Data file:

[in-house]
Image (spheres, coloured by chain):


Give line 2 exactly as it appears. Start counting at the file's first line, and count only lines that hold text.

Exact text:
Image (spheres, coloured by chain):